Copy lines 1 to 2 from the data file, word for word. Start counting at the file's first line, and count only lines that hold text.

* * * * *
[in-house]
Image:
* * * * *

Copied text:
[in-house]
Image: